Concern about the dramatic impacts of climate change has led to a global shift away from using carbon-emitting coal for power generation, but in post-Fukushima Japan where nuclear remains a dirty word, coal is now king.
In committing to the Paris Climate Accord, Japan, the world’s fifth-largest emitter of greenhouse gases, pledged that no effort would be spared in combating climate change and the government committed to a 26 percent emissions reduction by fiscal 2030.
However, the reduction was widely viewed as insufficient by environmental activists as it only represents an 18 percent cut compared with the 1997 Kyoto Protocol’s base year of 1990.
Despite the nation’s Paris commitment, public sentiment against the use of nuclear power since the 2011 Fukushima Daiichi disaster has made it politically unpalatable to restart existing power stations.
In response, the Japanese government has shifted toward coal, with the construction of 50 new coal-fired power stations planned across the country since 2012.
A 2018 report from environmental NGO Climate Analytics said, “Japan already has 45 gigawatts of operating coal-fired generation capacity and plans to add about 18 gigawatts of new coal, of which 5 gigawatts are already under construction.”
Electricity generation makes up around 40 percent of Japan’s greenhouse gas emissions, according to the report, and in 2016 more than half of the emissions, about 20 percent of the total, came from coal, “making it a major contributor to climate change.”
“To be in line with the Paris Agreement, developed countries need to phase out coal from their energy systems by 2030, yet Japan appears to be going in the opposite direction,” said the report’s lead author Paola Yanguas Parra.
Despite renewable energy sources such as solar and wind combined with storage technology emerging as viable alternatives, Japan has continued to pursue coal, believed to emit twice as much carbon dioxide as even a natural gas-fired plant.
Even with push-back from the Environment Ministry, Japan’s trade ministry has doubled-down, pushing for Japan to export new-generation coal-fired power generation technology that is considered relatively clean as compared to older systems.
One such plant is run by the Tokyo-based Electric Power Development Co, known as J-Power. The company operates what it describes as a low-carbon, high-efficiency operation at its Isogo coal-fired thermal power station in Yokohama.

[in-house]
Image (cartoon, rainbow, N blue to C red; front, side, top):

The plant’s “ultra-supercritical pressure” technology generates steam to rotate turbines and releases a relatively low amount of carbon dioxide, the operator said.
Public relations representative Yasuhiro Sugishita said that the plant is also equipped with activated carbon adsorption equipment, which collects some sulfur oxides in the exhaust gas, “achieving environmental countermeasures and power generation efficiency” that he claims is among the best in the world.
With the help of the Japanese trade ministry, the Isogo power station has drawn frequent visits from overseas observers. Among some 5,300 visitors in fiscal 2017 through March 2018, about 800 were from abroad. Many are government and power company officials from Asian countries such as China, Indonesia and Thailand.
Even though such technology is gaining traction abroad, in Japan coal-fired plants have begun to face headwinds. Of the 50 domestic projects launched since 2012, nine have foundered and more face challenges.
A coal-fired plant sponsored by Tokyo Electric Power Company Holdings Inc and Chubu Electric Power Co is going ahead in Yokosuka, Kanagawa Prefecture, south of Tokyo.
But it is facing local opposition.
“The plan entails air pollution by such contaminants as sulfur oxides,” said Rikuro Suzuki, a 76-year-old co-head of a group opposing the planned construction. “The environment and public health should be given overriding priority,” he said.
And the opposition extends even into the government and the business community.
Last year, the Environment Ministry warned the Ministry of Economy, Trade and Industry that its environmental assessments of new coal-fired power plants planned in such prefectures as Ehime in the west and Akita in the northeast may need to be reassessed if no clear road map to minimize carbon emissions is laid out.
Kansai Electric Power Co abandoned a plan to convert an existing facility in Ako, Hyogo Prefecture, to coal in January 2017 as a response to the need to drive down carbon emissions.
In a reflection of worldwide trends, investment in coal-fired plants in Japan has also begun to dry up.
Institutional investors, including Sumitomo Mitsui Trust Bank and Nippon Life Insurance Co, have said they would refrain from making new investments or providing finance to coal-burning power generators.
But according to Climate Analytics, the trend is not widespread enough.
“If Japan’s emissions trajectory from its current energy and investment plans for coal were to continue, it would overshoot its Paris Agreement emissions budget for coal in the electricity sector by 292 percent by 2050.”
Hajime Yamamoto, a 32-year-old researcher at Kiko Network, a nonprofit environmental organization, adds, “Construction of new coal-fired power generation plants will be a heavy drag on long-term efforts to fight global warming.”
“The government should quickly switch to a policy of promoting a coal phase-out,” he said.